Open Zion

10.07.12

The Tortuous History Of The Greta Berlin Tweet Controversy

After Free Gaza Movement co-founder Greta Berlin tweeted a clearly anti-Semitic movie, the group made brief comments saying that the video was not intended to be disseminated publicly, and had been posted to a private Facebook group "discussing propaganda and racism." In the statement, Berlin seemed to apologize only for the fact that the tweet had gone public. That clearly wasn't enough, and we had our frequent contributor Emily Hauser write up the tweet. She wrote an eloquent post, covering the Free Gaza statement and denouncing the way anti-Semitism hurts both Jews and the Palestinian cause.

The Berlin story broke on Monday, and Emily's post had given the activists days to offer a more full explanation, with none forthcoming. Then shortly after we published, Berlin came out with a broader personal statement denying that she was a Holocaust denier and arguing that she’d posted the video because it embodied the kind of “propaganda that our group was discussing." Since Emily's post was pegged to the Berlin's non-apology, we all agreed that it would be best to write an update. In that update, Emily noted Berlin's troubling history—linking to Berlin's glowing endorsement of Gilad Atzmon—and said Berlin should release the full context of the discussion on private Facebook group. Choosing to keep her focus where it had always been, on the content of the tweet itself, Emily wrote, “I am sorry that in writing about a real problem, I used Greta Berlin as the example around which my thesis was built.” Blogging is, of course, a fast-paced enterprise, and sometimes you react to news even as it’s developing.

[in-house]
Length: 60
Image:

Circumstances have again changed. The prominent pro-Palestinian activist and writer Ali Abunimah, who had led the charge to condemn Berlin's tweet (pending exculpatory hard evidence), chased down an instance of the same anti-Semitic video being posted to a private Facebook group that Berlin administers. On his blog at the Electronic Intifada, he wrote:

When the video was posted [by another user] on 28 September it was neither preceded nor followed by any interactions that would fit the description that it “was shared with a group of people who were discussing propaganda and racism, and this link was an example of the terrible propaganda that could be spewed on websites.” This context does not exist.

Emily took to her own blog this morning, linking to Abunimah's post and explaining why she'd updated her first post: because, as best as we could tell at that moment, the Berlin's more full explanation rendered the thrust of Emily's first post "absolutely inaccurate." Emily added that she regrets using the qualifier of "absolutely" (which we should have caught on the editing end).

Abunimah's reporting cast doubt on Berlin's version of events. But now Berlin tells +972's Larry Derfner that Abunimah doesn't have the right Facebook group, producing a statement from some 16 members of the purportedly correct group backing up Berlin's account, and deflecting charges on other accounts of tweets and writings. (I find some of her statements, including explaining the Atzmon endorsement, unconvincing.) Abunimah hasn't yet reacted to the Derfner story. On twitter, others are seeking verification about the purported signatories of the statements.

No matter how private Berlin's Facebook group, with nearly half its membership outed, she should release screenshots of the original context of the video posting. The privacy of the discussion was compromised when Berlin, if her version of events is on the level, linked her Facebook to Twitter and accidentally posted an anti-Semitic video to Free Gaza's twitter account. Releasing a reliable rendering of the Facebook discussion would put this to rest. The onus is on Berlin.